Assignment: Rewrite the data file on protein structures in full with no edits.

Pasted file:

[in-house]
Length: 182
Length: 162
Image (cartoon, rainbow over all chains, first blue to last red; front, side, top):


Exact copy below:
[in-house]
Length: 182
Length: 162
Image (cartoon, rainbow over all chains, first blue to last red; front, side, top):